The charcoal drawings are hermetic and claustrophobic. In that way, they prefigure her large-scale paintings, which grew so big, she had to work on a scaffold to create them. (Her studio’s physical dimensions kept her from growing her paintings even bigger.) Thomasos did not let the making of these works be easy: Frater conjectured that she started in the middle, using a small brush, and then painted her way outward, a process that doubles as an act of formal bravado and a test of endurance.
Edwards spoke of these works by referring to the scholar Hortense Spillers’s idea of the “zero degree of spatial conceptualization,” in which a “body” lacks a subjecthood and a gender under captivity or enslavement. As a result, the “body” becomes “flesh.” According to Edwards, through the paintings’ scale, Thomasos made herself—and her viewers—feel like “flesh.”
“It’s like, ‘No, no, no, no, I’m not separate from you. I’m in you, I am of you,’” Edwards said. “That’s how I think she approaches painting. She’s in it.”
Yet Thomasos was never one to be constrained, and in the 2000s, she traveled across the world, recording things that fascinated her in her journals. Mostly, she seemed fascinated by architecture. In Cambodia, she was drawn to the ways that former high schools were used as prisons. In India, she found a lot to admire in the rooftops in Jodhpur. In Mali, she visited the Dogon escarpment, where she saw burial caves once used by the Tellem people, whom she considered her ancestors.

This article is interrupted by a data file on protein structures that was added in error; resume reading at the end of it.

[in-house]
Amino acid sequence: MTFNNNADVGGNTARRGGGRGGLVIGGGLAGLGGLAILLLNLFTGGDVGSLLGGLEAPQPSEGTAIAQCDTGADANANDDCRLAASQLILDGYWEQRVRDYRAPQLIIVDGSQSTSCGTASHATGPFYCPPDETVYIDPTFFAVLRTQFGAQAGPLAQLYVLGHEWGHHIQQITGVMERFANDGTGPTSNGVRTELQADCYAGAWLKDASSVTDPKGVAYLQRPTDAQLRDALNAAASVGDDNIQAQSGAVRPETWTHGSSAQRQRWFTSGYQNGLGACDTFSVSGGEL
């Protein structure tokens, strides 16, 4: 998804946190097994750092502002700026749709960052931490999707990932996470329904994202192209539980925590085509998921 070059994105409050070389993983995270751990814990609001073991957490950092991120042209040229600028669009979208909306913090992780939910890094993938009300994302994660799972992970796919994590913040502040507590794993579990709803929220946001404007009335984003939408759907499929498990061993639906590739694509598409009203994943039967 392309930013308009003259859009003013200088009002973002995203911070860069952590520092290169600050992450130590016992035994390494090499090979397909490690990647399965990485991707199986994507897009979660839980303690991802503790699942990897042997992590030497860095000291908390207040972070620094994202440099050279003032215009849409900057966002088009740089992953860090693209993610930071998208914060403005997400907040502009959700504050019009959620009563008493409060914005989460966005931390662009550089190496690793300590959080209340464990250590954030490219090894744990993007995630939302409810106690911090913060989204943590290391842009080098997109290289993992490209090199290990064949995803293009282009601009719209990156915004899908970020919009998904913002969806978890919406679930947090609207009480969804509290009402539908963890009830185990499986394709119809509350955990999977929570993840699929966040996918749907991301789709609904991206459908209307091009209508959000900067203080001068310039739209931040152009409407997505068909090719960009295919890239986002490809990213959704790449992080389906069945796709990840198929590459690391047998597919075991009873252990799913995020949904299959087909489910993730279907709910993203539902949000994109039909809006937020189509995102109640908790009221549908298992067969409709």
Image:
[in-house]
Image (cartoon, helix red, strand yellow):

These structures all began to make their way into Thomasos’s paintings, which grew ever more expansive, filling walls and galleries. Babylon (2005), the 20-foot-long painting that ends the Toronto retrospective, appears to be a city packed with colorful buildings of all kinds. Their edges meld and disintegrate, and graffiti-like scrawls periodically interrupt them, like flocks of birds or groups of people moving through space. Around this time, she also did works about prisons in the United States, which she knew disproportionately detain African Americans. She rendered them as boxy amalgamations whose walls “fly apart at the seams,” as Frater put it.
Works like these continue to prove haunting, and not only because, even in 2023, at a time when an increasing number of artists are taking up the subject, they feel like missives from the future. “Haunting” was also the word that Edwards used to describe what Thomasos was doing to her in a New York Times essay from last year called “My Artist Ghost.” Everything about Thomasos’s work implies a life after death, one that she seemed aware of even as she was working.
Of her method, Thomasos once said, “With every line, every mark, it’s a language that I weave together to survive.”